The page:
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Eating disorders: Is involuntary treatment ethical?

Eating disorders are often about more than just food. It is a dilemma associated with mental health that involves unhealthy thoughts and behaviors towards food, weight, and body shape. While many people perceive eating disorders as primarily affecting adolescent girls, in reality, they can affect people of any age, race, gender, or sexual orientation. 

Eating disorders can cause significant damage to your health. Malnutrition due to eating disorders can increase the risk of heart and kidney failure. While symptoms for different types of eating disorders vary, they are all significant and harmful to the body. 

Treatment of eating disorders is complicated by numerous ethical factors, perhaps the largest one is the frequent denial of patients to regard the seriousness of their disorder. Recognizing this, most organizations have defined ethical principles to include respect for patients, autonomy, beneficence (the duty to do the most good), nonmaleficence (do no harm), veracity (transparency of the truth), justice, fidelity, and privacy. 

The seriousness of many eating disorders such as Anorexia nervosa are often downplayed, and consequently there is a lack of insight for the necessity and significance of treatment. Thus, treatment refusal, and often, ambivalence due to stigma around eating disorders are among the primary concerns of healthcare professionals treating eating disorders. Issues arise when, after agreeing to treatment, patients begin to refuse important aspects such as adequate meal intake or pharmacotherapy. Such behavior ultimately results in lack of effective treatment and positive results throughout different levels of care. At this point, many healthcare professionals, perhaps pressured due to the patients’ families, may begin to think about treating the patient against their will. While this is not out of the question, particularly for patients where malnutrition has impaired cognitive abilities or there’s a severe lack of insight into the seriousness of the disorder, it is important to recognize that thinking irrationally doesn’t indicate incompetence in consenting to treatment. The decision to treat someone against their will is not to be taken lightly, as it can pose significant side effects such as PTSD from enforced nasogastric tube feedings.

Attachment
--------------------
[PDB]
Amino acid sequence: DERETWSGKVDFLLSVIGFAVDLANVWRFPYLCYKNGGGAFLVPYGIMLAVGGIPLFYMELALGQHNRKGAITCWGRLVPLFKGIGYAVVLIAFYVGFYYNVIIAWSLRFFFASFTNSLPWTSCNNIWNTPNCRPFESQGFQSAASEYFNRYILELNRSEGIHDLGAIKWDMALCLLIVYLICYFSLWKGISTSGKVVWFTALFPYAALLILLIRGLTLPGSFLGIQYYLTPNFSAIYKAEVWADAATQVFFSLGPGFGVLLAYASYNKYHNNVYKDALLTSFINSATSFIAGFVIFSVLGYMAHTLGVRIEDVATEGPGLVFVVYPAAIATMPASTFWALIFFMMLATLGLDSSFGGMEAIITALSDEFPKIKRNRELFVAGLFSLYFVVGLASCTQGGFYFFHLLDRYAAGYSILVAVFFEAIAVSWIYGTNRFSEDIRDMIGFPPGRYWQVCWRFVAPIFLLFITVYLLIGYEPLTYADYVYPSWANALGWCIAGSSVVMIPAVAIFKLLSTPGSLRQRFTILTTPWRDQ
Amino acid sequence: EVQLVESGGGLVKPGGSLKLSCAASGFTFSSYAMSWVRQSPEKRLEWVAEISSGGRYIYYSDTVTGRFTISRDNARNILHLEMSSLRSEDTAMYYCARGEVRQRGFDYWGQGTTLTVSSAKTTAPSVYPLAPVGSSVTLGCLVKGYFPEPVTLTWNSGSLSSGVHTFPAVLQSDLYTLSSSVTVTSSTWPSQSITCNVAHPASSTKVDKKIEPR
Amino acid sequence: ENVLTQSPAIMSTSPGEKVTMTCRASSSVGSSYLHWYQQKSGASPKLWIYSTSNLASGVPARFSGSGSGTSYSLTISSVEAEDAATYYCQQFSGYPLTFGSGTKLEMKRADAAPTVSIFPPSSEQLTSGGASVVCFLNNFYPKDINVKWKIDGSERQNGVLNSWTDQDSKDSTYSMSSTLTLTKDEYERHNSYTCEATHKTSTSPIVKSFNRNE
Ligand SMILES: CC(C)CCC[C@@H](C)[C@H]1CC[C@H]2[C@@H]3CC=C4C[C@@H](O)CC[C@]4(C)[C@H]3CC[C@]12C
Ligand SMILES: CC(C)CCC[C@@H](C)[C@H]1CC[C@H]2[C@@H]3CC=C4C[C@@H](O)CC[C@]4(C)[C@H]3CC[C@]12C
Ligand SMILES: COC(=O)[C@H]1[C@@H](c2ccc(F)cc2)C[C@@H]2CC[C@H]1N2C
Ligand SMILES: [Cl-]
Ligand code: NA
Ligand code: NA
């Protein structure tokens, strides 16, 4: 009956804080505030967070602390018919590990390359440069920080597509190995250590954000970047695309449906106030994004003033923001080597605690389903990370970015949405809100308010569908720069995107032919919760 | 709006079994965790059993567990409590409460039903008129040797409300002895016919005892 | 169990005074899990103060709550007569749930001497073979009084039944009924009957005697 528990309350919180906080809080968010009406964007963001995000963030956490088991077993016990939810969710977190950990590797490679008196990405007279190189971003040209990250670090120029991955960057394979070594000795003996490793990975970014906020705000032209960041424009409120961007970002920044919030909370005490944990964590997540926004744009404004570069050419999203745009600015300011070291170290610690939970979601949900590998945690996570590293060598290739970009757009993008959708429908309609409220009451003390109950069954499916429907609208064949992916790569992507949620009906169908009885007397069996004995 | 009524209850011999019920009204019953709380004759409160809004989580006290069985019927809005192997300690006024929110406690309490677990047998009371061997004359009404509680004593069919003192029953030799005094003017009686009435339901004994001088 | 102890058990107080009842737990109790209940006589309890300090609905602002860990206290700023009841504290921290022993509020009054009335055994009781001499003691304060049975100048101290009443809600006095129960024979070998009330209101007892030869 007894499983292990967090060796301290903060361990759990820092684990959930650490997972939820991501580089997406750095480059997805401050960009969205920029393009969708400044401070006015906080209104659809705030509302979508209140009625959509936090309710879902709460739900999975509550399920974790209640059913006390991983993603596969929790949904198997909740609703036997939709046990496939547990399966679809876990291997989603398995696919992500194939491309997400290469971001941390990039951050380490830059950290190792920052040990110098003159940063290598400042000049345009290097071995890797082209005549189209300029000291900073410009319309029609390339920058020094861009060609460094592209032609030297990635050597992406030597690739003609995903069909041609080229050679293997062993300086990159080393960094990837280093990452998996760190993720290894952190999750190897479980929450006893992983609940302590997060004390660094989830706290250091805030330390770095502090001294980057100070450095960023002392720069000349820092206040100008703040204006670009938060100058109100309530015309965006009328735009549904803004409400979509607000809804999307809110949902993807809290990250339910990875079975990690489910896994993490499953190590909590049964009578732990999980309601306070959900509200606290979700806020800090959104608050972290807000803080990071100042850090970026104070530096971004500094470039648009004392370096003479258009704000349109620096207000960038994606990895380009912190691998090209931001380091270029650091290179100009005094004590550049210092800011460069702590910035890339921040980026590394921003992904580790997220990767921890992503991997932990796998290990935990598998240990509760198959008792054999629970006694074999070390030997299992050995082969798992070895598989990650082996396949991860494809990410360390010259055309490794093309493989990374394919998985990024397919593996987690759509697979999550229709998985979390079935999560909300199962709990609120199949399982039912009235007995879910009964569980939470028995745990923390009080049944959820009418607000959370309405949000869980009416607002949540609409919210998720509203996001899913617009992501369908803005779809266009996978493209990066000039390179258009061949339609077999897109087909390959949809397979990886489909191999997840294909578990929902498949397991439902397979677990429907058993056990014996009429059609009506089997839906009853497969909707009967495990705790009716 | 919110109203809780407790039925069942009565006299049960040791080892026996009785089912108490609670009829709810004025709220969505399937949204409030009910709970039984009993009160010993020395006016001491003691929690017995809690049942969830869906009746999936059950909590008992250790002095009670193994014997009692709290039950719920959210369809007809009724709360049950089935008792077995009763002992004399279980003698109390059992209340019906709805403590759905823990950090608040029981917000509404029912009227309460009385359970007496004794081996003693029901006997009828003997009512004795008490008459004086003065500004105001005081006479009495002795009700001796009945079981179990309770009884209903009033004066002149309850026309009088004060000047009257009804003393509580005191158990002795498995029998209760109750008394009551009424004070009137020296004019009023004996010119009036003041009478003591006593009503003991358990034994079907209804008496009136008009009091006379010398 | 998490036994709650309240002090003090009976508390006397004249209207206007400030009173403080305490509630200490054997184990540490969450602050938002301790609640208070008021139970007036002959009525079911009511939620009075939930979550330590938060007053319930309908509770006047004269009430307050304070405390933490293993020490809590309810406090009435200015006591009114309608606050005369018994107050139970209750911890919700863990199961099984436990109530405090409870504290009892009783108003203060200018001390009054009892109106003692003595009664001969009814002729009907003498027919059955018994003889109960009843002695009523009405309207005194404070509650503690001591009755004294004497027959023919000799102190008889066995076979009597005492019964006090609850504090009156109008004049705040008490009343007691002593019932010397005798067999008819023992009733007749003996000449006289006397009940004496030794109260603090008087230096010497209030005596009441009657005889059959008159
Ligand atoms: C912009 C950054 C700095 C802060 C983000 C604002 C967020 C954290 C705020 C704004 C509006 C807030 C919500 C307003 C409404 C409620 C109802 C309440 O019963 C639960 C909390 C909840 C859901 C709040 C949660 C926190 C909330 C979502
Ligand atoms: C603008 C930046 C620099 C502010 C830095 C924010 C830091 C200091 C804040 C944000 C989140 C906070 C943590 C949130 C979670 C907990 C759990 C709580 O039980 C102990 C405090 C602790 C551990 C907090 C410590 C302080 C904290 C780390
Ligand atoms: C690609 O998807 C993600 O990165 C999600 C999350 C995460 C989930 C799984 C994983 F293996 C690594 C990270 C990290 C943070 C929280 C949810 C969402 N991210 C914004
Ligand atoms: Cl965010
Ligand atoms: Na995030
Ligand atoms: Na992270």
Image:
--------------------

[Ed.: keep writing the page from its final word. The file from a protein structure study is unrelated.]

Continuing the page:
When determining treatment recommendations and evaluating patient consent, it may be useful to evaluate whether the patient would make the same decision about their treatment if they did not have an eating disorder. This is vital to understanding whether a patient is simply acting irrationally or showing evidence of incompetence. 

However, treatment against will is also warranted and beneficial in some cases — mostly with adolescents. To prevent a chronic course of an eating disorder, early intervention at this age is crucial. Furthermore, many patients have stated after treatment that involuntary hospitalization and enforced treatment have led to a more positive mindset and consent to further treatment. For many, being denied the choice to refuse food can help to alleviate their strong guilt associated with eating. 

With the rise of eating disorders in our society, it is important to educate ourselves on their impact in addition to learning how to evaluate the potential costs and benefits of involuntary treatment in cases of treatment refusal. 


~ Saathvika Diviti `25

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